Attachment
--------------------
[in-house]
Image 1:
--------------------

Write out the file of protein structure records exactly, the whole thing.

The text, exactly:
[in-house]
Image 1: